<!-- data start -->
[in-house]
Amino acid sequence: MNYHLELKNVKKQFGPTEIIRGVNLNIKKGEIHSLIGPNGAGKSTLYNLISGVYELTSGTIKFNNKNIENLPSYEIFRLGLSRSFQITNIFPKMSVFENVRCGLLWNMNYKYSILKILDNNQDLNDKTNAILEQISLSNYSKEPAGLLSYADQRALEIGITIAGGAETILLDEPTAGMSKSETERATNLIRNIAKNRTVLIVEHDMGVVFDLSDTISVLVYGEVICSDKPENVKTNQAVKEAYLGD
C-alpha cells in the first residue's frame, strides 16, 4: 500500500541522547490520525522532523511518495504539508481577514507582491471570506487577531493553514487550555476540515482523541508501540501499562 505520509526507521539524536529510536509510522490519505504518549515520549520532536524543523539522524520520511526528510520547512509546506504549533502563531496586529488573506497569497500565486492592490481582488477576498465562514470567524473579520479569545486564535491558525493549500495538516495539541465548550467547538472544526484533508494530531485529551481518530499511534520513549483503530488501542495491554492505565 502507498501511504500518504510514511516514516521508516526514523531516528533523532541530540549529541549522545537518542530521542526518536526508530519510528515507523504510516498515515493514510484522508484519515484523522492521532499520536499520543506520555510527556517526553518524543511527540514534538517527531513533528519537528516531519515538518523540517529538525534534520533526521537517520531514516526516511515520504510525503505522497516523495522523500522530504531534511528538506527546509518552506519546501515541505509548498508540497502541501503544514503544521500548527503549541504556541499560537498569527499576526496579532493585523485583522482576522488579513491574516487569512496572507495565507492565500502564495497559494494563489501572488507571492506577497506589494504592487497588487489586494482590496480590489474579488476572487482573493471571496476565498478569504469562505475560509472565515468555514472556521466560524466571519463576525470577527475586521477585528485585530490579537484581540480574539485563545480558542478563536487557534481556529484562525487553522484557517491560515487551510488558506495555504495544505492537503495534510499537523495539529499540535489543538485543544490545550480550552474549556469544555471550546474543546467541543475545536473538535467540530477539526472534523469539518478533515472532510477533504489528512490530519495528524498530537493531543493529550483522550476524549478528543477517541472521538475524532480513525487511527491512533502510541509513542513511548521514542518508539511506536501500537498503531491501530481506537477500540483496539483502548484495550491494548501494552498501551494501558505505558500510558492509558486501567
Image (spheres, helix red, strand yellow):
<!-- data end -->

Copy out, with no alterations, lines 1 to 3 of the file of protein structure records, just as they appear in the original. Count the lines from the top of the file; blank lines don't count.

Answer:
[in-house]
Amino acid sequence: MNYHLELKNVKKQFGPTEIIRGVNLNIKKGEIHSLIGPNGAGKSTLYNLISGVYELTSGTIKFNNKNIENLPSYEIFRLGLSRSFQITNIFPKMSVFENVRCGLLWNMNYKYSILKILDNNQDLNDKTNAILEQISLSNYSKEPAGLLSYADQRALEIGITIAGGAETILLDEPTAGMSKSETERATNLIRNIAKNRTVLIVEHDMGVVFDLSDTISVLVYGEVICSDKPENVKTNQAVKEAYLGD
C-alpha cells in the first residue's frame, strides 16, 4: 500500500541522547490520525522532523511518495504539508481577514507582491471570506487577531493553514487550555476540515482523541508501540501499562 505520509526507521539524536529510536509510522490519505504518549515520549520532536524543523539522524520520511526528510520547512509546506504549533502563531496586529488573506497569497500565486492592490481582488477576498465562514470567524473579520479569545486564535491558525493549500495538516495539541465548550467547538472544526484533508494530531485529551481518530499511534520513549483503530488501542495491554492505565 502507498501511504500518504510514511516514516521508516526514523531516528533523532541530540549529541549522545537518542530521542526518536526508530519510528515507523504510516498515515493514510484522508484519515484523522492521532499520536499520543506520555510527556517526553518524543511527540514534538517527531513533528519537528516531519515538518523540517529538525534534520533526521537517520531514516526516511515520504510525503505522497516523495522523500522530504531534511528538506527546509518552506519546501515541505509548498508540497502541501503544514503544521500548527503549541504556541499560537498569527499576526496579532493585523485583522482576522488579513491574516487569512496572507495565507492565500502564495497559494494563489501572488507571492506577497506589494504592487497588487489586494482590496480590489474579488476572487482573493471571496476565498478569504469562505475560509472565515468555514472556521466560524466571519463576525470577527475586521477585528485585530490579537484581540480574539485563545480558542478563536487557534481556529484562525487553522484557517491560515487551510488558506495555504495544505492537503495534510499537523495539529499540535489543538485543544490545550480550552474549556469544555471550546474543546467541543475545536473538535467540530477539526472534523469539518478533515472532510477533504489528512490530519495528524498530537493531543493529550483522550476524549478528543477517541472521538475524532480513525487511527491512533502510541509513542513511548521514542518508539511506536501500537498503531491501530481506537477500540483496539483502548484495550491494548501494552498501551494501558505505558500510558492509558486501567